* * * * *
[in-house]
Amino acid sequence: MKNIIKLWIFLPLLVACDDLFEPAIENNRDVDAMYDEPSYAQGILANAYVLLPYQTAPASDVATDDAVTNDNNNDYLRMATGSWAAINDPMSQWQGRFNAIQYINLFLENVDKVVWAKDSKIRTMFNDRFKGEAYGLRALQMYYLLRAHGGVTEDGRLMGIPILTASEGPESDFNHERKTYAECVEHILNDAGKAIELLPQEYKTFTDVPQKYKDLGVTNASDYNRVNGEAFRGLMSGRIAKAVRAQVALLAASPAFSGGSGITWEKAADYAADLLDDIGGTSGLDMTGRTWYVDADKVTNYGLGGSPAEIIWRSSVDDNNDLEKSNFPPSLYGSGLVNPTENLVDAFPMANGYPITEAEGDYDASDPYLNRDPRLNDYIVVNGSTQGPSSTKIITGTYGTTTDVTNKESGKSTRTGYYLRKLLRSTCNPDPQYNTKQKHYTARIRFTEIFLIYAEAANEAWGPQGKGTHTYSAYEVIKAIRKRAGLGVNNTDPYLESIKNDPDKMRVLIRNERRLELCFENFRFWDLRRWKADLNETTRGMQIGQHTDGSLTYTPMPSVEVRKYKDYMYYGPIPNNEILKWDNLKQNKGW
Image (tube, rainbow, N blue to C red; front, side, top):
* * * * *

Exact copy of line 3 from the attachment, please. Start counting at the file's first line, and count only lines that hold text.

Image (tube, rainbow, N blue to C red; front, side, top):